Dinosaurs Extinct Because Of A ‘Nuclear Winter’ After Asteroid Strike

The extinction of dinosaurs 66 million years ago coincides with a huge hail of asteroids hitting the surface of the Earth. While these asteroids didn’t exactly kill all dinosaurs, scientists have found evidence that it led to a ‘nuclear winter’ which in turn rendered dinosaurs extinct.

Dinosaur extinction

The asteroids, which were great in number and had huge speeds when they reached Earth, whipped up a dust cloud that covered the entire surface of the Earth. As a result, the Sun couldn’t get through and it began a ‘nuclear winter’, much like the overcast environment would be created during a nuclear war.

The interesting part is that this desolate, Sun-less winter lasted for only two or three decades. But this was enough to wipe away the dinosaurs who relied heavily on green habitats. The winter lowered sea surface temperatures to 7°C, the greenery dried and fell off and the planet became a desolate, cold place slowly ending the species of the dinosaurs.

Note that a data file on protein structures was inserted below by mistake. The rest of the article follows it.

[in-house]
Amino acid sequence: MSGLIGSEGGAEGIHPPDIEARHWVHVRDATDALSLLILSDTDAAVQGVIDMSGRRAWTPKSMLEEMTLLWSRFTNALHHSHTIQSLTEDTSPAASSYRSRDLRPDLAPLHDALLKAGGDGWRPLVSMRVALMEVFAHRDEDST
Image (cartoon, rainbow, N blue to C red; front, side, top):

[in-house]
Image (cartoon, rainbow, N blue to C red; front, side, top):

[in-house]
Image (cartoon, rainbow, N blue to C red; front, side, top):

Scientists have based this new possibility on new evidence found in Brazos River, Texas. The evidence reveals that about the same time when dinosaurs went extinct, there was a significant drop in the temperatures of the oceans. Not only that, the asteroid strike was accompanied with other doomsday events such as global wildfires, earthquakes, tsunamis and numerous other catastrophes, all on an extraordinary scale.

Ultimately, the light of the Sun dimmed to 20% its normal light. This was insufficient for the green life on Earth and the plants withered away. As a result, food chains collapsed and many species ran into extinction. The more resilient ones, like birds and mammals, survived and continue to live to this day.

Courtesy: Daily Mail

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